A means of characterizing stage II colon cancers would allow the identification of high-risk patients who need additional treatment after surgery. New approaches evaluating the expression of multiple genes hold promise, but are currently still too complex for clinical practice. In this study, a new biomarker was found, which could identify at-risk patients using currently available clinical-grade diagnostic assays.
The disease free survival of stage III colon cancer patients has increased significantly in the past decade thanks to the introduction of new chemotherapy treatments, used in combination with surgery. This success has not yet been achieved for earlier-stage patients. The lack of a suitable biomarker has made it difficult to identify patients in whom the benefits of chemotherapy are big enough to compensate for the burdens of the therapy.
In previous studies, gene expression signatures of colon cancers were developed, which could identify high-risk patients. However, these specialized techniques are difficult to use in clinical practice and often can’t predict the benefit of chemotherapy correctly.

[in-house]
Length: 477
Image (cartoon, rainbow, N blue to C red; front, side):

The nuts and bolts
By analyzing large amounts of data on gene expression in colon cancer cells, 16 candidate genes were identified to be potential biomarkers. Of these, only 1 encoded a protein that could be studied with a currently available clinical grade diagnostic test: CDX2. Cancers without CDX2 expression are often associated with an increased likelihood of aggressive features.
By examining patient data sets, it was shown that the 5-year disease free survival is lower among patients with CDX2-negative tumors. Also the risk of disease recurrence was higher in this subgroup. These findings were confirmed in both stage II and stage III colon cancer patients. However, the CDX2-negative patient population was also found to respond well to additional chemotherapy treatment, resulting in an increase in disease-free survival and the effect was superior to that found in CDX2-positive patients.
How will this help me?
These results show that CDX2 can be used as a single biomarker to identify high-risk colon cancer patients. Stage II colon cancer patients are commonly treated with surgery alone. These results show that patients with a CDX2-negative tumor can also benefit from additional chemotherapy treatment. The results remain to be confirmed in the framework of a randomized clinical trial, in conjunction with genomic DNA sequencing studies before the new biomarker will become available in clinical practice.
CDX2 as a Prognostic Biomarker in Stage II and Stage III Colon Cancer – The New England Journal of Medicine (2016)